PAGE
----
WAG-12B enters service as Indian Railways' most-powerful locomotive

Indian Railways has been the lifeline of the nation for over 150 years, ferrying passengers and goods come rain, shine, war or famine. Needless to say, the Government-run behemoth has had quite a momentous journey all through - as one would expect in an organization that survived two World Wars and India's struggle for independence. 

Last week, Indian Railways added yet another feather to it's cap by putting the 'Made-in-India' high-power WAG-12 electric locomotive into commercial operation.

Back in 2015, the French transport solutions provider Alstom won a whopping Euro 3.5 billion order from the Ministry of Railways for delivering 800 high-power electric locomotives as part of a public-private partnership programme to modernize India's rail infrastructure. Subsequently, Madhepura Electric Locomotive Private Limited - a joint-venture between Alstom (74%) and Indian Railways (26%) - was set up in Bihar with a capacity to roll out 120 locomotives annually.

Though the facility delivered the first unit way back in 2018, the WAG-12 couldn't be put into commercial service as the locomotive was reported to have design issues and couldn't meet oscillation trials. Alstom had to redesign the bogies and a host of other components to eventually clear the trials and meet the specifications laid out by the Research Design and Standards Organization (RDSO), the technical wing of the Ministry of Railways in India.

WAG-12B, as the locomotive is now designated, made its maiden commercial run between Pt. Deen Dayal Upadhyaya Junction (formerly Mughalsarai Junction) and Shivpur of East Central Railway on 18-May-2020.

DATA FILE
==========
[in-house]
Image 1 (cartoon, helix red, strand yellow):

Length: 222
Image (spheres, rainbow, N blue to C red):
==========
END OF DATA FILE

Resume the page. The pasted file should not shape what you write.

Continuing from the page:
Rated at 9,000 KW (12,000 horsepower), the WAG-12B is twice as powerful as India's erstwhile powerhouse, the WAG-9. Intended to be put to use in Dedicated Freight Corridors being set up, the WAG-12B is touted to be a game-changer capable of hauling 30% more loads (6,000 tonnes) at twice the current average speed (120 km/h). This 8-axle locomotive uses state-of-the-art Insulated Gate Bipolar Transistor (IGBT)-based propulsion system for improved efficiency and equipped with a host of energy-saving tech including regenerative braking, low voltage wires and cables and LED lights.

With a permanent twin-cab design painted in dual shades of blue, the WAG-12B looks humongous and intimidating. Though a sleeker cab would have looked nicer, the boxy design fits well with the rest of the locomotives that ply on Indian rails. Modern amenities inside include air-conditioned driver cabs on either side, a pantry and a toilet - features that are sure to be appreciated in the hot and humid long-haul corridors these locomotives are expected to run on. 

Though only 10 of these locomotives have reportedly joined the Indian Railways fleet for commercial operations, the plant in Bihar would ramp up production to deliver 90 more in the current financial year and 100 every year thereafter until the order is completed. Once done, the Dedicated Freight Corridors are going to change the way we look at freight trains forever!


Suzuki Swift Sport continues to evade India

Ever since its launch in 2005, the Swift has been a phenomenal success for Maruti-Suzuki in India. With over 2 million sold in the country across three generations and fifteen years of the car’s existence, India is the Swift’s single largest market globally. Not even the Japanese buy as many Swifts as we do! And sales figures of the Swift-based Dzire and Ertiga aren’t even brought into the equation.